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Lecture 10

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University of Toronto Scarborough
Biological Sciences
Shelley A.Brunt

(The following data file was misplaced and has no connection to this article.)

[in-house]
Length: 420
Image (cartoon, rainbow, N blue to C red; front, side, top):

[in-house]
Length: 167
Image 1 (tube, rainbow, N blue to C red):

Lecture 10: Coenzymes and Vitamins Comparison of serine proteases  When we previously talked about: for determining enzyme composition/sequence we established that trypsin catalyzes the hydrolysis of peptide binds on the carbonyl side of arginine or lysine and chymotrypsin less specific on the carbonyl side of unchanged residues with aromatic or bulky hydrophobic side chains such as phenylalanine, tyrosine  Both trypsin and chymotrypsin contain a biding pocket that correctly positions the substrate for Nucleophilic attack by an active-site serine residue  Each enzyme has an extended region in which the substrate polypeptides fit  However the specificity pocket near the active-site serine is very different for each enzyme Binding sites of chymotrypsin, trypsin, and elastase (Slide 3)  The differing binding sites of these three serine proteases are primary determinants of their substrate specificities. (a) Chymotrypsin has a hydrophobic pocket that binds the side chains of aromatic or bulky hydrophobic amino acid residues. (b) A negatively charged aspartate residue at the bottom of the binding pocket of trypsin allows trypsin to bind the positively charged side chains of lysine and arginine residues. (c) In elastase, the side chains of a valine and a threonine residue at the binding site create a shallow binding pocket. Elastase binds only amino acid residues with small side chains, especially glycine and alanine residues. Serine Proteases Use Both the Chemical and the Binding Modes of Catalysis  Let’s examine the mechanism of chymotrypsin and the roles of three catalytic residues: His-57, Asp-102, and Ser-195. Many enzymes catalyze the cleavage of amide or ester bonds by the same process so study of the chymotrypsin mechanism can be applied to a large family of hydrolases. The catalytic site of chymotrypsin  The active site residues Asp-102, His-57, and Ser-195 are arrayed in a hydrogen-bonded network. The conformation of these three residues is stabilized by a hydrogen bond between the carbonyl oxygen of the carboxylate side chain of Asp-102 and the peptide- bond nitrogen of His-57. Oxygen atoms of the active-site residues are red, and nitrogen atoms are dark blue. Mechanism of chymotrypsin  SEE FIGURE 6.28 in Horton Review: Serine proteases use many catalytic modes  Steps 1-4: forward reaction used proximity effect, i.e. the gathering of reaction  Acid-base catalysis by histidine in steps 2 and 4 lower the energy barrier  Covalent catalysis using the –CH O2 of serine occurs in steps 2 through 5  The unstable tetrahedral intermediates at steps 2 and 4 are similar to the transition states for these steps  Hydrogen bonds in the oxyanion hole stabilize these intermediates  Serine proteases use both chemical modes (acid-base and covalent) and binding modes (proximity effect and transition state stabilization)  Site directed mutagenesis gas been used to show significance of the Ser-His-Asp catalytic triad:  In the bacterial serine protease subtilisin replacing the covalent catalyst serine or the acid-base catalyst histidine with alanine reduced enzymatic activity significantly  But even with mutation of all three amino acids to nonconserved amino acids the enzymatic rate was above the nonenzymatic rate due to the role of transition state stabilization  Cysteine, aspartyl and metalloproteases are other major peptide-cleaving enzymes  These are 3 alternate approaches to peptide bond hydrolysis (i.e. not based on activated serine residues)  Generate a nucleophile that attacks the peptide carbonyl group Cofactors and Co-enzymes  Many enzymes need cofactors for catalysis  Other chemical species, called cofactors, often participate in catalysis. Cofactors are required by inactive apoenzymes (proteins only) to convert them to active holoenzymes. There are two types of cofactors: essential ions (mostly metal ions) and organic compounds known as coenzymes. Essential ion cofactors  Over a quarter (25%) of all known enzymes require metallic cations to achieve full catalytic activity. These enzymes can be divided into two groups: metal-activated enzymes and metalloenzymes.  Metal-activated enzymes either have an absolute requirement for added metal ions or are stimulated by the addition of metal ions. Some of these enzymes require monovalent cations such as K+ and others require divalent cations such as Ca2+ or Mg2+. Kinases, for example, require magnesium ions for the magnesium-ATP complex they use as a phosphoryl group donating substrate. Magnesium shields the negatively charged phosphate groups of ATP making them more susceptible to nucleophilic attack.  Metalloenzymes contain firmly bound metal ions at their active sites. The ions most commonly found in metalloenzymes are the transition metals, iron and zinc, and less often, copper and cobalt. Metal ions that bind tightly to enzymes are usually required for catalysis. The cations of some metalloenzymes can act as electrophilic catalysts by polarizing bonds. For example, the cofactor for the enzyme carbonic anhydrase is an electrophilic zinc atom bound to the side chains of three histidine residues and to a molecule of water.  Example restriction endonucleases made by bacteria that cleaves foreign DNA are enzymes that require Mg2+ for catalytic activity  Many enzymes that act on phosphate-containing substrates require Mg2+  the ions of other metalloenzymes can undergo reversible oxidation: reduction by transferring electrons from a reduced substrate to an oxidized substrate  e.g. iron is part of the heme group of catalase which degrades hydrogen peroxide Coenzymes  Coenzymes can be classified into two types based on how they interact with the apoenzymes (the protein part minus the coenzyme).  Coenzymes of one type—often called cosubstrates—are actually substrates in enzyme- catalyzed reactions. A cosubstrate is altered in the course of the reaction and dissociates from the active site. The original structure of the cosubstrate is regenerated in a subsequent reaction catalyzed by another enzyme. The cosubstrate is recycled repeatedly within the cell, unlike an ordinary substrate whose product typically undergoes further transformation. Cosubstrates shuttle mobile metabolic groups among different enzyme- catalyzed reactions.  The second type of coenzyme is called a prosthetic group. A prosthetic group remains bound to the enzyme during the course of the reaction. In some cases the prosthetic group is covalently attached to its apoenzyme, while in other cases it is tightly bound to the active site by many weak interactions. Like the ionic amino acid residues of the active site, a prosthetic group must return to its original form during each full catalytic event or the holoenzyme will not remain catalytically active. Cosubstrates and prosthetic groups are part of the active site of enzymes. They supply reactive groups that are not available on the side chains of amino acid residues.  Every living species uses coenzymes in a diverse number of important enzyme catalyzed reactions. Most of these species are capable of synthesizing their coenzymes from simple precursors. This is especially true in four of the five kingdoms—prokaryotes, protists, fungi, and plants—but animals have lost the ability to synthesize some coenzymes.  Mammals (including humans) need a source of coenzymes in order to survive. The ones they can’t synthesize are supplied by nutrients, usually in small amounts (micrograms or milligrams per day). These essential compounds are called vitamins and animals rely on other organisms to supply these micronutrients. The ultimate sources of vitamins are usually plants and microorganisms. Most vitamins are coenzyme precursors—they must be enzymatically transformed to their corresponding coenzymes.  Two broad classes of vitamins have since been identified: water-soluble (such as B vitamins) and fat-soluble (also called lipid vitamins). Water-soluble vitamins are required daily in small amounts because they are readily excreted in the urine and the cellular stores of their coenzymes are not stable. Conversely, lipid vitamins such as vitamins A, D, E, and K, are stored by animals and excessive intakes can result in toxic conditions known as hypervitaminoses. ATP and Other Nucleotide Cosub